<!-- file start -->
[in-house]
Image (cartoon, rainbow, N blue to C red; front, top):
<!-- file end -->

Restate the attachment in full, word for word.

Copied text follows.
[in-house]
Image (cartoon, rainbow, N blue to C red; front, top):